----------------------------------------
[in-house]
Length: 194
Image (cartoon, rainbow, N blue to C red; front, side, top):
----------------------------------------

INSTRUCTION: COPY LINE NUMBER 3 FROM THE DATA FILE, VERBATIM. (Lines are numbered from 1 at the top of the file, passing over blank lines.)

Image (cartoon, rainbow, N blue to C red; front, side, top):